But that’s just the thing. I DO have an affinity towards DIY projects. And even if Toyota refused to troubleshoot (Toyota just told me to replace the entire engine. $8,000. Yup. Not my style, Toyota. Not my style.), why couldn’t I? Well... besides the proper tools and space to do it, I definitely have the drive and motivation! And I have amazing friends too. So I went to my coworker and friend Paul. And after weeks of planning, prepping, and procrastination, we had a loose plan as to what to do with Irbe.
The Toyota 3VZ・E Engine - My Biggest Fear Since 2002
Two By Two, Hands of Blue
Repairs on Irbe started in mid-February almost a year to the day (367 days later in fact) since Irbe took us to Death Valley. The removal of engine parts is surprisingly easy. It’s the labeling and the categorizing that takes time. But it’s sooo worth it in the end. First to come off is the fan and the air intake body. After the oil and coolant are drained of course... Also, don’t ever work on anything with PT without gloves. He’s a stickler for gloves.
But even if removing parts is easy, the diagnosis sometimes isn’t. See, the only thing that we could point our finger at as to why Irbe’s performance was slowly bleeding away was no compression in the first cylinder. Unfortunately we found that there was 5 pounds of pressure in cylinders one AND six. Two through five? 170 pounds. This is a big issue. Also... we couldn’t test the piston rings because we found the valves were so burnt out that they leaked too! Thankfully, Paul was ingenious enough to homebrew a solution for that utilizing the original head bolts, a stainless steel slab of metal, and a tap & die set up. It turned that all the pistons rings were in good condition! ONWARD WITH THE VALVE JOB!!!
And if anybody else is in the market for a great valve job, I can not suggest Sun Valley Auto Parts any higher. The owner is incredibly knowledgable and more than willing to make sure that everyone understands what is happening and how it happens. Also, the end cost was half the price as other machine shops I called for quotes. The job was done in a couple of days, and they did an amazing job!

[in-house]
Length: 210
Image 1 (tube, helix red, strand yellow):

Sun Valley Auto Parts and Machine Shop
8212 Sunland Blvd.
Sun Valley, Ca 91352
I mean, c’mon. Just look at those heads. . . mmm. . . I get a semi just looking at those. . .
Cleanliness overcomes. I think we wasted hours and hours and hours of just cleaning. And it’s so worth it. I think I probably shaved twenty pounds of grease and gunk off of Irbe just by spraying him down with degreaser and scraping his chassis with a screwdriver.
And now it’s time to put Irbe back together. This of course also means it’s time to clean off every single part of Irbe that I could before PT rips me away from the cleaning agents. Available time vs. cleanliness... available time vs. cleanliness...
And reassembly begins. . .
Another point that I feel I must bring up: I thought I knew a good bit about internal combustion engines. After taking apart Irbe’s engine and beginning the reassembly I realized that I knew NOTHING. I can honestly say that this was one of the biggest learning experiences since I learned to drive manual in 2002 or when I switched from PC to Mac in 2006. My eyes have been opened!
And although I now know that I knew nothing before, PT and I were able to reassemble Irbe to working condition over the last few weeks without issue! . . .
Then there were a few issues with timing and idle speeds that needed to be worked out, but really it was almost uneventful in terms of reassembly. We did have a horrible moment where Irbe would instantly overheat if you started driving him anywhere, but that turned out to be a slightly stuck thermostat, and air bubbles. Which may sound like an odd issue, but here’s a great explanation about what the hell I’m on about:
But with all of those small issues out of the way, the end result was this:
None of this could have happened without my friends, Paul and Jim and Chris. Or without the assistance I received when I worked on Irbe from Steve Ruggeri at Toyota of Pasadena. Or the emotional support that kept me going through the darker times of this journey. Thank you all, and most of all. . .